Although the Syrian Democratic Council (SDC), the political umbrella of the Syrian Democratic Forces (SDF), applied for a US Treasury Department Office of Foreign Asset Control (OFAC) waiver years ago, this has not happened despite the close and ongoing US-SDF cooperation in the fight against the Islamic State.
As a result, US companies cannot invest in northeastern Syria and the SDC cannot spend money in Washington.
Sinam Mohamad, the SDC’s representative in Washington, told Kurdistan 24 that the UCIRF condemnation against Turkey and Turkish-backed groups for their human rights violations against religious and ethnic minorities in northern Syria is significant.
“It’s very important, because what earlier happened and what is still going on in Afrin since 2018 is also the same what is now happening in Ras al-Ain (Serikaniye) since October 2019. Turkish-backed groups have also destroyed Yezidi holy places in Afrin.”
According to a local Northpress News Agency report on Sunday, nine Ezidi shrines have been destroyed so far by Turkish-backed groups in Afrin. Experts fear that the religious minority could go extinct in Syria as a result of the war and emigration from Syria.
The United Nations Commission of Inquiry on Syria in March also confirmed that the threat of the Turkish-backed groups led to the displacement of Ezidis near Serekaniye.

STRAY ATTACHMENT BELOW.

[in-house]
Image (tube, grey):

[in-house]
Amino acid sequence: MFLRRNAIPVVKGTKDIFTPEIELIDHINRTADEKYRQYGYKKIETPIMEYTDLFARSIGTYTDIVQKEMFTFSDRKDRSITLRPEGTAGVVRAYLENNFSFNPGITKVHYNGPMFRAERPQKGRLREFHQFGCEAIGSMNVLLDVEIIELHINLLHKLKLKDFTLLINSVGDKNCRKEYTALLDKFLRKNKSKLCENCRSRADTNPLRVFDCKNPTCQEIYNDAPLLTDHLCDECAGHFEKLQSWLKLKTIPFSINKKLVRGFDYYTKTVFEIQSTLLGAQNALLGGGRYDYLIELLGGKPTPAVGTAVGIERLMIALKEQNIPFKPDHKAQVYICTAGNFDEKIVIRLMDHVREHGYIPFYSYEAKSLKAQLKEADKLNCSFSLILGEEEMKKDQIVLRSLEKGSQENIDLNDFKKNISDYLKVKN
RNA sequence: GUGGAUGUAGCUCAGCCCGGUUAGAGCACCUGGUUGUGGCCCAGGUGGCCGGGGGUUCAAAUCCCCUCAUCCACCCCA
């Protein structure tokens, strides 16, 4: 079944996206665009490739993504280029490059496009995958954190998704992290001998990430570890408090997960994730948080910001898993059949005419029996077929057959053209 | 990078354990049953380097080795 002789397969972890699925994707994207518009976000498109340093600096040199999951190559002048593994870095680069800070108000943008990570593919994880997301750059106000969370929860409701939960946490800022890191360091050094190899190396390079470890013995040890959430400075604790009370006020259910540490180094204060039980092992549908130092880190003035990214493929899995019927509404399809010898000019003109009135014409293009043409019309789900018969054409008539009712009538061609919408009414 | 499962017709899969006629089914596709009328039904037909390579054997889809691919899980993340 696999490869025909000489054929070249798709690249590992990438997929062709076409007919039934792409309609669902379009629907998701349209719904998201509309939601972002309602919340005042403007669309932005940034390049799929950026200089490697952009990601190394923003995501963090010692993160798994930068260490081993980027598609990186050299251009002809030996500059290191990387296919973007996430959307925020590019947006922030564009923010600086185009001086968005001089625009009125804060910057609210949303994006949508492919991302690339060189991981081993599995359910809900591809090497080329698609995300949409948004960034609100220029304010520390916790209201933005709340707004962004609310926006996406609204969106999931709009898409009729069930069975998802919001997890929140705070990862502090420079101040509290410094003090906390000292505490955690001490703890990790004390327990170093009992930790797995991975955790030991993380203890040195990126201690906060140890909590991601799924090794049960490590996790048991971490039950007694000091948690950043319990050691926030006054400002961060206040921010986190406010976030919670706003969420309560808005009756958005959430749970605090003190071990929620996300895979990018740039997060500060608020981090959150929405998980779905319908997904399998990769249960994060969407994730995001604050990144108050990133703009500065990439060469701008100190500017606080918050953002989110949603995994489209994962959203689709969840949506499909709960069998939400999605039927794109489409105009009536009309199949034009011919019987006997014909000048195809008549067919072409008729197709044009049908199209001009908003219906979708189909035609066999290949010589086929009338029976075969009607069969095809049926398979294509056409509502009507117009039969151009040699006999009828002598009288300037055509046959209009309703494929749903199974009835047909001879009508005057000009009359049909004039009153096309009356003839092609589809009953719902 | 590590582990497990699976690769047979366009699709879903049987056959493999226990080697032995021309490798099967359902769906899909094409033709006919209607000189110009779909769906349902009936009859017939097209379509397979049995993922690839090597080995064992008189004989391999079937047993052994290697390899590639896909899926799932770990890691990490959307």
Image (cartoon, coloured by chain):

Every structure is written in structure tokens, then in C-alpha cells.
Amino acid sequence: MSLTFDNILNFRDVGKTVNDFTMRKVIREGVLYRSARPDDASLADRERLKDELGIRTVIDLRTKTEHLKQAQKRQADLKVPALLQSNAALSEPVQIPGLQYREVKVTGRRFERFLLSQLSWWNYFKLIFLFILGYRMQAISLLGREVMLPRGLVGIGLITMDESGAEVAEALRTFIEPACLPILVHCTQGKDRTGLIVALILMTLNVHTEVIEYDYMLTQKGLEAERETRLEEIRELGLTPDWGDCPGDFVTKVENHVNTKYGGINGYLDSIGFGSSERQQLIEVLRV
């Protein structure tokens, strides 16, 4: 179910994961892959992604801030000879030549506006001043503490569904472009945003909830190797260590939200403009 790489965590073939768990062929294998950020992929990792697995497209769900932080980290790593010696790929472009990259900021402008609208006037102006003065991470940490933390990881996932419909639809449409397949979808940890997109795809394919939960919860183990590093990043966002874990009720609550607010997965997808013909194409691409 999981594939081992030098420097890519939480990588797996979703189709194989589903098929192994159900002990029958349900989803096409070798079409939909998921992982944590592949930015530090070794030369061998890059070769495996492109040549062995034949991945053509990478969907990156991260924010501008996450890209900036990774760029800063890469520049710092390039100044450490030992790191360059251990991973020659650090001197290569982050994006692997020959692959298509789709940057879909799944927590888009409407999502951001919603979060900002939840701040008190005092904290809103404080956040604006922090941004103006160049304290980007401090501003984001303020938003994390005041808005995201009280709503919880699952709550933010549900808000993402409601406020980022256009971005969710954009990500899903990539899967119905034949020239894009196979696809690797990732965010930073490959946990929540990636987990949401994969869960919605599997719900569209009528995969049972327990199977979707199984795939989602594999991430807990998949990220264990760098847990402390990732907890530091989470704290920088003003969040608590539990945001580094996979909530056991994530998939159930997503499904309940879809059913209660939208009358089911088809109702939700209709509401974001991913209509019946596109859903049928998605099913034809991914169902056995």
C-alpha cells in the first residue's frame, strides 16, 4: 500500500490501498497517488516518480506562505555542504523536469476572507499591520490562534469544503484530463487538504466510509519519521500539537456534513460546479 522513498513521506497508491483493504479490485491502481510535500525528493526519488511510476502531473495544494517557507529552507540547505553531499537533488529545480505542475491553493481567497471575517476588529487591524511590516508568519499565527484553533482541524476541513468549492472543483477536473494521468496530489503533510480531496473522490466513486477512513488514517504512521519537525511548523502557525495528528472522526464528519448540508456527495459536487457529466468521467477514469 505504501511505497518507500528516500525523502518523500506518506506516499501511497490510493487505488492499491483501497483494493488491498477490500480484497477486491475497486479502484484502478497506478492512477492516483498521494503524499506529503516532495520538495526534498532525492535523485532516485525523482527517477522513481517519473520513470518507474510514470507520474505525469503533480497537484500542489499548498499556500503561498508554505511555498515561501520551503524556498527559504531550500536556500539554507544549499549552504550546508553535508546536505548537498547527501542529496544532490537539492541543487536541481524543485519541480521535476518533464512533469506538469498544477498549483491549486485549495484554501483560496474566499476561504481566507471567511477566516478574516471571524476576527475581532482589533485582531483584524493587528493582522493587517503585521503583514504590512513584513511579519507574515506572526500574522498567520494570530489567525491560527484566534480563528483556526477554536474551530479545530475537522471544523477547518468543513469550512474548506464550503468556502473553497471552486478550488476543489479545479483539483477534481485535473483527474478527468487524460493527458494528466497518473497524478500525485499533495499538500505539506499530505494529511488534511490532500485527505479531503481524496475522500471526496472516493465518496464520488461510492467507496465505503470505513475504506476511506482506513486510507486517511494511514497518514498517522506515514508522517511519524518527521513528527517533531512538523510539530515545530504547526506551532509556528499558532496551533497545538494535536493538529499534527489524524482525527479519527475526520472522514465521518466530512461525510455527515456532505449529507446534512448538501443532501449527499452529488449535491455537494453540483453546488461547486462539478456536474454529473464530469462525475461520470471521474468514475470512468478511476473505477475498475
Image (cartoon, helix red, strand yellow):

Multiple human rights organizations and media outlets have documented a large number claims that, since the occupation of Afrin began, Turkish-backed armed groups have regularly committed various violations and war crimes, primary among them ethnic cleansing, kidnapping, extortion, murder, rape, and the looting and destruction of property.
In February 2019, the United Nations’ Independent International Commission of Inquiry on Syria released a report charging that armed groups in Afrin were guilty of war crimes including “hostage-taking, cruel treatment, torture, and pillage.” It stated that “the most common violations perpetrated in Afrin involved frequent abductions by armed groups and criminal gangs.”
As recently as early March of this year, the commission again released evidence that it had found reasonable grounds to believe that the militias “perpetrated the war crime of murder and repeatedly committed the war crime of pillaging, further seriously contravening the right to enjoyment of possessions and property.”
Currently, over 100,000 residents are still estimated to be in the area, living under the harsh security and economic conditions that they have faced since Turkey took control of the Kurdish-majority region.
Also on Tuesday, at least 40 civilians lost their lives, including 12 children, and dozens more wounded as the blast from a truck bomb ripped through a popular market in Afrin.
Local activists told Kurdistan 24 that Turkish-backed groups were behind the bombing, but Ankara’s state-run media outlets blamed the Kurdish People’s Protection Units (YPG).
The SDC’s Mohamad added that the UCIRF acknowledging such human right violations against minorities could help build international pressure for Turkey to withdraw from areas it occupied since 2018, such as Afrin, Tal Abyad and Serkaniye could.
“I think the UCIRF should reach out to the United Nations and the US government to end the Turkish occupation,” she said. “The only place where there was religious freedom in Syria was in Afrin (and in all other) administration areas of the Northeast Syria region.”
Editing by John J. Catherine